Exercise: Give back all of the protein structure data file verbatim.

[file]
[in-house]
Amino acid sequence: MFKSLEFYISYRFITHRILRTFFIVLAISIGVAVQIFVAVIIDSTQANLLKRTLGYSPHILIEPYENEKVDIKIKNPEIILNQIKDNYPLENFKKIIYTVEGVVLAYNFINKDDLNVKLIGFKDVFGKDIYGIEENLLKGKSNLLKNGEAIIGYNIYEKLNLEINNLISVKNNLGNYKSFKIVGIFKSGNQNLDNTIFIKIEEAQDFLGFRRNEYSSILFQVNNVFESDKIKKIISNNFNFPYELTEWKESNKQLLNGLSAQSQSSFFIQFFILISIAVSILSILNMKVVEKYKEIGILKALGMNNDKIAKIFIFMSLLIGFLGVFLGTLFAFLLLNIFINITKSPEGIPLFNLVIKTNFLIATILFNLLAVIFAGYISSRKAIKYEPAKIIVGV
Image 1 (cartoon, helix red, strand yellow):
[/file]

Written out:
[in-house]
Amino acid sequence: MFKSLEFYISYRFITHRILRTFFIVLAISIGVAVQIFVAVIIDSTQANLLKRTLGYSPHILIEPYENEKVDIKIKNPEIILNQIKDNYPLENFKKIIYTVEGVVLAYNFINKDDLNVKLIGFKDVFGKDIYGIEENLLKGKSNLLKNGEAIIGYNIYEKLNLEINNLISVKNNLGNYKSFKIVGIFKSGNQNLDNTIFIKIEEAQDFLGFRRNEYSSILFQVNNVFESDKIKKIISNNFNFPYELTEWKESNKQLLNGLSAQSQSSFFIQFFILISIAVSILSILNMKVVEKYKEIGILKALGMNNDKIAKIFIFMSLLIGFLGVFLGTLFAFLLLNIFINITKSPEGIPLFNLVIKTNFLIATILFNLLAVIFAGYISSRKAIKYEPAKIIVGV
Image 1 (cartoon, helix red, strand yellow):